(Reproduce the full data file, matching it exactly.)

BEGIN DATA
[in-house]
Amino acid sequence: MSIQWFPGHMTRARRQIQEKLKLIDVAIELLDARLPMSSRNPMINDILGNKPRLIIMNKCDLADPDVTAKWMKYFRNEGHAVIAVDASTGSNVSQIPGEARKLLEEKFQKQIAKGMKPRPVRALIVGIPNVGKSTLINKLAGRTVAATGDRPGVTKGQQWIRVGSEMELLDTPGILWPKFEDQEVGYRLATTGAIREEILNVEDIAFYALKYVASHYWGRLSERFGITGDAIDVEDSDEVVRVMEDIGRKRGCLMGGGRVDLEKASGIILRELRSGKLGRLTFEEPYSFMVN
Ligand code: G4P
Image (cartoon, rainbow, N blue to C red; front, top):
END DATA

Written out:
[in-house]
Amino acid sequence: MSIQWFPGHMTRARRQIQEKLKLIDVAIELLDARLPMSSRNPMINDILGNKPRLIIMNKCDLADPDVTAKWMKYFRNEGHAVIAVDASTGSNVSQIPGEARKLLEEKFQKQIAKGMKPRPVRALIVGIPNVGKSTLINKLAGRTVAATGDRPGVTKGQQWIRVGSEMELLDTPGILWPKFEDQEVGYRLATTGAIREEILNVEDIAFYALKYVASHYWGRLSERFGITGDAIDVEDSDEVVRVMEDIGRKRGCLMGGGRVDLEKASGIILRELRSGKLGRLTFEEPYSFMVN
Ligand code: G4P
Image (cartoon, rainbow, N blue to C red; front, top):